BALTIMORE (AP) — Teenagers awaiting trial on adult charges in Baltimore are being kept in solitary confinement for far too long — up to 143 days in one case, according to a highly critical review by the U.S. Justice Department’s Division of Civil Rights.
Federal prosecutors say being isolated for more than a few days can damage a person’s mental health — especially if it’s a teenager whose brain is still developing. But teenagers accused of breaking rules inside the Baltimore City Detention Center are being isolated for 13 days on average, and in some cases, far longer.
The latest federal review found some improvements, but concluded that eight years after the state of Maryland entered into an agreement with the Justice Department, the embattled jail is still violating state laws and the U.S. Constitution when it comes to handling teens in custody:
— Very few staffers have any training in adolescent development, trauma, and mental health and developmental disabilities, the review found.
— The jail is failing to consistently provide its teens with drug treatment, anger management programs, education, rehabilitation or even exercise, which the federal prosecutors described as their constitutional right.
— One minor, RC, spent 143 days in seclusion. Another, EM, spent 53 of his 105 days in solitary confinement at the detention center.
— When juveniles are accused of breaking a rule, they are put into seclusion for 7 to 14 days for a first offense, and must wait roughly 80 days before a disciplinary hearing is held.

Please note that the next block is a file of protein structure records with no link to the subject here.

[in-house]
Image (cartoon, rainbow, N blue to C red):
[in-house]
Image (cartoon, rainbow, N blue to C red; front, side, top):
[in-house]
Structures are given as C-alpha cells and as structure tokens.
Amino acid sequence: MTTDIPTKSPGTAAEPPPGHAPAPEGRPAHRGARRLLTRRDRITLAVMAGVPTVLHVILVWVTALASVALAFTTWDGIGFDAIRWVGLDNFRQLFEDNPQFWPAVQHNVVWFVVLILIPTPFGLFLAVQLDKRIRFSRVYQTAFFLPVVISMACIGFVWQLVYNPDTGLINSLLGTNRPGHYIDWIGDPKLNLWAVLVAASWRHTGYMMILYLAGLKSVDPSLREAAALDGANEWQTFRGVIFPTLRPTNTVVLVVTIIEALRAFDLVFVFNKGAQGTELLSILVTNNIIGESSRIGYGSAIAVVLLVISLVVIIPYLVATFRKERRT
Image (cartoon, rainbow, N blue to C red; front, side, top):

“This is grossly excessive and violates basic principles of Due Process,” the Justice Department concludes. “It is even more troubling for the 24 percent of juveniles in seclusion who are ultimately found not guilty under the disciplinary process.”
The letter was based in part on a site visit last August and delivered just as Stephen Moyer, a police veteran who served as deputy Juvenile Services secretary in Maryland, was confirmed to run the state’s jails and prisons. Moyer pledged to make juvenile detention reforms a top priority.
State prisons spokesman Gerard Shields told The Associated Press on Friday that even juveniles held in seclusion are let out of their cells from 9 a.m.-2 p.m. to attend school, and that 30 guards have completed new training with the state Department of Juvenile Services.
Many jails routinely isolate teenagers — the American Civil Liberties Union estimates that at least 17,000 of the roughly 100,000 juveniles held in adult prisons across the country have been in solitary confinement. This often happens so that adult jails can comply with the “sight and sound separation” required by the federal Prison Rape Elimination Act since 2012.
But in Baltimore’s jail, which already keeps juveniles separate from adults, isolation is used primarily to punish alleged rule-breakers, they found.
Federal investigators concluded nearly 15 years ago that isolating youths in cells for lengthy periods was “excessive and potentially harmful.” Eight years have passed since the jail promised it would change.
“It’s really disturbing to know these kids are being held in isolation, and that the department is continuing to use solitary confinement,” said Kara Aanenson, director of advocacy for Just Kids Partnership. “I see the ramifications: pacing back and forth, having a hard time being in a room with the door closed. These things impact them for the rest of their lives.”
Jabriera Handy, now 23, said she spent 11 months at the Baltimore City Detention Center when she was 17 after she was charged with second-degree murder in the death of her grandmother. She said she’s still haunted by the 36 days she spent in seclusion.
“Now I pace the floor all the time. I’m always pacing because that’s all I did when I was in there,” Handy said. “After that, when I was assigned to a room by myself I hurt myself because I didn’t want to be there anymore. I scratched my arms up. I broke my own pinkie because I punched a wall. I bit my tongue. Solitary confinement took a toll on my mental state.”
(Copyright 2015 by The Associated Press. All Rights Reserved.)